We just passed the forty-year anniversary of America’s highest interest rate environment in history. Back then, nobody knew that rates were about to fall, precipitously at first, and then continue in that downward trend for four full decades, notes Paul Price, a daily columnist with TheStreet's Real Money Pro.

Looking back 40-years ago, Nuveen advertised federally tax-free, muni-bond fun interest of 12.69% - 12.97%. T. Rowe Price was offering close to 16% on its taxable money-market fund.

The United States Treasury had trouble finding buyers at its 20-year bond auction. They eventually had to pay 15.78% to lure people and institutions to lock in for two decades.

Why did rates get so high? So-called ‘bond vigilantes’ insisted on getting paid enough to offset the ravages of inflation. They let Washington politicians know they weren’t going to take rates which lowered the true buying power of the money they were lending.

That was, and remains, the proper way to set coupon rates. Auction pricing reflected the true balance of supply and demand based on all known information at the time.

The most recent PCE reports show officially reflected inflation north of 4%. If the Federal Reserve Bank was not distorting bond demand, by buying up a majority of all new bond issuance, coupon rates would likely be at least 5% - 7% depending on the maturity.

Instead, these were the pitifully inadequate current yields on treasury paper from 30-days out to 30-years. Anyone purchasing fixed income at those rates is virtually assured they will lose significant buying power over time.

Why is the Fed setting rates artificially low? With the nation’s national debt above $28 trillion, and about to shoot much higher, normalized interest rates would cripple America by pushing debt service expenses to an unsustainable percentage of the entire budget.

Jerome Powell’s refusal to address already fast rising, and non-temporary inflation, merely reflects this reality. From a practical standpoint the Fed can never revert back to what had previously been normal interest rates. What does all this mean to you, and what you should be investing in right now?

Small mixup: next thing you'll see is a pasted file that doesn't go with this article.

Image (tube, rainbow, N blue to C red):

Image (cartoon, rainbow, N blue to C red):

1) Keeping any long-term money in fixed income is probably the worst decision you could possibly make.

2) Think twice before paying down a super low-interest rate mortgage early. You may never be able to borrow huge sums at negative true interest rates (adjusted for inflation) ever again.

3) Only hold things that can be “marked up” as inflation “marks down” the buying power of each dollar.

What works best for investors regarding item 3 above? Shares of companies with ‘pricing power’ which can offset ever higher costs of labor, raw materials, healthcare and the proposed increase in corporate taxes. 

Retailers like grocery store chains, Costco (COST), Walmart (WMT) and Target (TGT) etc. will simply raise prices, adding a profit margin based on their new realities. Credit card issuers like Visa (V) and Mastercard (MA) will automatically see higher revenue as prices inflate and total amounts charge follow suit.

Precious metals are a possible play to fight escalating money printing and hard to swallow interest rates. That said, physical gold produces no income and often carries insurance and storage fees. ‘Paper gold’ such as commodity options, futures and notional products like the SPDR Gold Trust ETF (GLD) involve risk of their sponsors’ ability to make good on their promises.

We certainly are living in interesting times. Government agencies have been politicized and the Federal Reserve Bank is painted in a corner. All we can do is make the best of these crazy situations. In my world the best way to survive and prosper is to keep most of your long-term assets in shares of healthy, price-protected companies.

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